Indian Institutes of Management are the country’s premier institutions imparting best quality education in management on globally benchmarked processes of education and training in management education and allied area of knowledge.

At present, there are nineteen IIMs. Out of these, thirteen IIMs are located at Ahmedabad, Bengaluru, Kolkata, Lucknow, Indore, Kozhikode, Shillong, Ranchi, Raipur, Rohtak, Kashipur, Trichy, Udaipur. Another six IIMs which have been started in 2015 are located at Amritsar, Sirmaur, Nagpur, Bodhgaya, Sambalpur and Vishakhapatnam.

-Cabinet, 13-October, 2016

Jaitley, 22 state finance ministers attend GST meet

Jaitley, 22 state finance ministers attend GST meet in Kolkata

Union Finance Minister Arun Jaitley is attending a meeting of Empowered Committee of State Finance Ministers here on Tuesday to nudge the states to arrive at a consensus on the Goods and Services Tax (GST) Bill.
Twenty-two states are represented at the meeting, which began in the morning, by their finance ministers. West Bengal Finance Minister Amit Mitra is chairing the closed-door meeting, said a state government official.
Discussions on the draft Goods and Services Tax Bill, including the overall framework, and the Information Technology process of the GST are on the agenda of the two-day discussions, Mitra told IANS earlier.
The meeting would also deliberate upon finding ways and means to resolve issues between the states and the Centre on the GST.
However, the contentious issues of the GST rate, the dispute settlement mechanism and one per cent additional tax are not a part of the agenda.
The meeting here follows West Bengal Chief Minister Mamata Banerjee’s declaration of support to the GST, which has come as a boost for the National Democratic Alliance (NDA) government’s efforts to get the bill passed in the Rajya Sabha in the monsoon session starting next month.
The bill for a pan-India GST to thoroughly overhaul India’s indirect tax regime, first mooted by the Congress-led United Progressive Alliance regime at the Centre, has been passed by the Lok Sabha, but is stalled in the Rajya Sabha where the ruling NDA lacks a majority.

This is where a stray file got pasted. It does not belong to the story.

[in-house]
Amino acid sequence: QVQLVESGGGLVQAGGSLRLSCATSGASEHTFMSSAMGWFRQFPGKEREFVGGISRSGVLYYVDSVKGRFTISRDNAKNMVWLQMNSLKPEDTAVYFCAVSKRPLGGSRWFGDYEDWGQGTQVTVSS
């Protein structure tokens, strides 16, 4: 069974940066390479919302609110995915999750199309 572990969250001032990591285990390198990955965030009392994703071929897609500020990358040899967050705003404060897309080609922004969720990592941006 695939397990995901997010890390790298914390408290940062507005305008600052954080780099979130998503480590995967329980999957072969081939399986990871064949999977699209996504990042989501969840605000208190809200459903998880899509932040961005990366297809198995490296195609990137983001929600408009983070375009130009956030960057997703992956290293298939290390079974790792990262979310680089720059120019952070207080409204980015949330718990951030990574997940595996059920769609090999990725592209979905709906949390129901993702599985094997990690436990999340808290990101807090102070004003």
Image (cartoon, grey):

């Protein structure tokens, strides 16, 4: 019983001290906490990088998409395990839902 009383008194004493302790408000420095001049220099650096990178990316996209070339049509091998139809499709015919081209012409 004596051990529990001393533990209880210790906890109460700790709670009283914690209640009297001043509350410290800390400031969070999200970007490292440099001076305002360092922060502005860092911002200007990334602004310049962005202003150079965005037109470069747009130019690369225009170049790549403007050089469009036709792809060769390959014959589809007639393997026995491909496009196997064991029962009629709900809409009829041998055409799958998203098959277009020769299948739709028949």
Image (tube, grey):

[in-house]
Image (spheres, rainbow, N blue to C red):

The states will draft their own State GST (SGST) bill based on the draft model law with minor variations, incorporating state-specific exemptions.
The Centre and the states will also have to approve the integrated GST law or iGST, which will deal with inter-state movement of goods. The Constitution amendment bill needs to be ratified by more than half of the states.

-14 June 2016 | IANS | Kolkata

PM Narendra Modi meets ailing Swami Atmasthananda Maharaj in Ramakrishna Mission

PM Narendra Modi meets ailing Swami Atmasthananda Maharaj in Ramakrishna Mission

  • As a young boy, Modi had visited Belurmath to join the Order but his request was turned down
  • This was Modi’s second visit after May 9, last year to the Ramakrishna Mission Seva Pratisthan

Prime Minister Narendra Modi today met the ailing Swami Atmasthananda Maharaj, president of the Ramakrishna Math and Mission Order, whom he considers his ‘guru’.

This was his second visit after May 9, last year to the Ramakrishna Mission Seva Pratisthan in the city, where the 98-year-old monk is recovering from age-related illness.

The Prime Minister, Shri Narendra Modi visits Swami Atmasthananda at the Ramakrishna Mission, to inquire about his health, in Kolkata on April 17, 2016.
Shri Narendra Modi visits Swami Atmasthananda at the Ramakrishna Mission, to inquire about his health, in Kolkata on April 17, 2016.